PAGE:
Key links in the chain

Luke Herbert started his own busi­ness be­cause he felt ser­vice lev­els in en­gi­neer­ing firms could be im­proved. He speaks with Jonathan Jack­son about the im­por­tance of cus­tomer ser­vice in con­junc­tion with the rise of Link­force En­gi­neer­ing.

Business First - - PROFILE -

Luke Herbert grew up in North­west Aus­tralia on cat­tle sta­tions. There is a tone in his voice that tells you he has the con­fi­dence of a cat­tle­man. That same con­fi­dence is ev­i­dent when he speaks about en­gi­neer­ing, min­ing and run­ning a busi­ness.

Luke started his ca­reer work­ing in en­gi­neer­ing fab­ri­ca­tion, found his way into the min­ing sec­tor and worked his way up the ranks as a tradesman be­fore en­ter­ing into plan­ning and main­te­nance of mine sites.

“It was quite frus­trat­ing that no mat­ter what I did from the plan­ning and main­te­nance side to try and sup­port the con­trac­tor, there was lit­tle sup­port for the client in re­turn,” Luke says.”

Luke’s burn­ing am­bi­tion to start his own com­pany had been a long time com­ing. The fact he felt he could im­prove the ser­vice be­ing of­fered was the cat­a­lyst for his start-up.

I had looked at set­ting up my own busi­ness quite a few times over the years, but there was al­ways a rea­son why it wasn’t quite right: fi­nances, ex­pe­ri­ence and tim­ing all con­trib­uted to the de­lay in set­ting up the busi­ness.”

How­ever in 2007 the time was right. He had the ex­pe­ri­ence, the fi­nan­cial sup­port and the de­sire to im­prove cur­rent prac­tices. It was a dif­fi­cult process but as Luke says, any­thing that is worth do­ing is usu­ally dif­fi­cult to do.

A month and a half af­ter set­ting up the busi­ness, in­tense plan­ning fol­lowed and Link­force En­gi­neer­ing won its first job. The job was a suc­cess and the work­flow con­tin­ued to grow and gain mo­men­tum.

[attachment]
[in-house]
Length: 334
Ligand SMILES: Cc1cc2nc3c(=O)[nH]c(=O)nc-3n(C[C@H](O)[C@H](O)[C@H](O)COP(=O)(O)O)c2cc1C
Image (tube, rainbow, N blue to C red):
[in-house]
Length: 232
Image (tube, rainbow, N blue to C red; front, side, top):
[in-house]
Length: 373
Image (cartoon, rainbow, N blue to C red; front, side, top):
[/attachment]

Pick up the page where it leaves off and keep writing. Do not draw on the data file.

“We just con­tin­ued on from there,” Luke says. “We started with 10 peo­ple six years ago and that has quickly grown to around 800 peo­ple who all know the im­por­tance of pro­vid­ing the cus­tomer with a high level of ser­vice. You do your very best for them and of­fer sug­ges­tions and im­prove­ment ideas. They may not take your ad­vice, but they un­der­stand that you are there to help their suc­cess. If you con­duct busi­ness at the high­est end, you build a good rep­u­ta­tion. All com­pa­nies should re­mem­ber that while it takes 10 years to build a good rep­u­ta­tion, it only takes 10 min­utes to de­stroy one.”

While the min­ing in­dus­try is ex­tremely large, it is also quite in­su­lar and word spreads quickly about a busi­ness and the qual­ity of work for which they are mea­sured, par­tic­u­larly by their pre­vi­ous per­for­mances.

That is how Link­force En­gi­neer­ing started. They did a good job, built a rep­u­ta­tion and moved for­ward rapidly by al­ways mak­ing sure that their last job was their best.

A key part of the suc­cess for Link­force En­gi­neer­ing is hon­esty and in­tegrity.

“Peo­ple need to be­lieve what you say and you need to de­liver on your prom­ises. There are so many peo­ple in the in­dus­try that prom­ise the world but don’t pro­duce, so it all comes back to the way you con­duct your­self and your busi­ness. If you say you’re go­ing to do some­thing, do it. And do it well.”

Like any busi­ness there are chal­lenges, par­tic­u­larly with some­thing as large as Link­force. The team doesn’t shy away from the dif­fi­cul­ties. Con­trol­ling hun­dreds of peo­ple throws up sig­nif­i­cant is­sues.

“We mo­bilise large num­bers of skilled per­son­nel and equip­ment around the coun­try to ex­e­cute the works for our clients. To be suc­cess­ful, re­cruit­ment, train­ing and sup­port of our per­son­nel is crit­i­cal. Ev­ery­one needs to be given the right tools to suc­ceed and if they suc­ceed then the team suc­ceeds.”

Also with sig­nif­i­cant growth day-to­day busi­ness be­comes chal­leng­ing, but Luke brings this back to the strength of the team.

“You need to have a lot of good peo­ple and sys­tems to en­sure that the com­pany’s ex­pec­ta­tions are achieved,” he says.

“To lead peo­ple and be a good man­ager you need to en­sure you are firm but fair and treat peo­ple the way you want to be treated.

“You have to have com­pas­sion, but you can’t be a soft heart. You have to have dis­ci­pline and struc­ture so peo­ple un­der­stand what the ex­pec­ta­tions are of them.”

In a busi­ness such as Link­force

If peo­ple be­lieve what you say and you’re up­front with them that holds a lot of weight.’

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